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Film and drama

Bob Ellis reviews 'On the Road'

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Bob Ellis says the newly released film version of Jack Kerouac’s Beat Generation masterpiece, On the Road, is hard to beat as an adaption.

REMEMBRANCE OF THINGS PAST: WALTER SALLES’ ON THE ROAD


The difficulties of doing On the Road are insuperable but they have been overcome.

Jose Rivera, the screenwriter, Walter Salles, the director, Eric Gautier, the lighting cameraman, a swag of multinational producers (Charles Gilbert, Nathanial Karmitz, Rebecca Yeldham) and a Brat Pack of nitroglicerous young American talent like none since The Usual Suspects have subdued a text of multiple bisexual infidelity and drug use in Denver, Frisco, New York, New Orleans, Mexico and the snow-slushed roads of middle America, wife-sharing, male whoredom, and a kind of apocalyptic decadence indistinguishable sometime from impoverished urban madness that proves on the screen as large a classic as the endless page that Kerouac typed and typed into immortality.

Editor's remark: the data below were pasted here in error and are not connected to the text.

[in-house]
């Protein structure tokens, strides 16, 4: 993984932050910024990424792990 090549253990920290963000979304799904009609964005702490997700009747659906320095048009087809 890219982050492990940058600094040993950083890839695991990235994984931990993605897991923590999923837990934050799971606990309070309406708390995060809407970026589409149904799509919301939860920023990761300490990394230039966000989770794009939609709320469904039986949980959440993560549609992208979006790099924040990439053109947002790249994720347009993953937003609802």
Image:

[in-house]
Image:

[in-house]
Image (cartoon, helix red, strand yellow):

Thought romantic then, it will seem feminist now. In those years before the Pill, Dean Moriarty (Garrett Hedlund) impregnates, deserts and outrages a number of beautiful suffering women, shares a couple with his friend Sol Paradise (Sam Riley), drives cars very fast, routinely greets arriving friends naked, maddens those, male and female, who love him and, like Withnail, Gatsby and Jimmy Porter, ends badly.

It was before my time, but the Hip philosophy, close to what some young people I know are like now, seems at this distance what it probably was — another American cult, like Scientology. Wisely, the filmmakers use cold and wet and snow a lot, grubby hotel rooms and bars and big shared tokes of marihuana and endless onrolling snowbound empty highways to give us an era that sought in drugs the manhood its elder brothers found, and died of, in war.

Like Byron, Keats and Shelley, some of these young men die of their poetry, and their women survive to hate the stink of their memory. As the latter, Kirsten Dunst, born rich but now begrimed with bellowing children and unaccustomed poverty, gives battered wifedom to perfection, and Kristen Stewart as Marylou, blithe and naked and tossing off two men, one of them the driver, in the front seat of a speeding car, has the beauty and glint of a probable superstar.

Hard to better this as a film adaptation, not even Merchant Ivory – and this is high praise – having done it better. I look forward to the response of my own, and previous generations, in these columns, perhaps, to a true and copious, reflective classic of a time now gone forever.



(On the Road opened in cinemas around Australia on 27 September.)

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